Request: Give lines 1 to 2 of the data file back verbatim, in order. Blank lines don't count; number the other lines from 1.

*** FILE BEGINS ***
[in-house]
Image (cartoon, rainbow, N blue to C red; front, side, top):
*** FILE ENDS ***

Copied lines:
[in-house]
Image (cartoon, rainbow, N blue to C red; front, side, top):